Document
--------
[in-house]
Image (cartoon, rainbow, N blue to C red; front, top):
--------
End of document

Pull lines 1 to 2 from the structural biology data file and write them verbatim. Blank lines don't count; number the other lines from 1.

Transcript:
[in-house]
Image (cartoon, rainbow, N blue to C red; front, top):